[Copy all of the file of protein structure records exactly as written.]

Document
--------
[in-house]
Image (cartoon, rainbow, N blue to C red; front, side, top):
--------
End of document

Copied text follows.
[in-house]
Image (cartoon, rainbow, N blue to C red; front, side, top):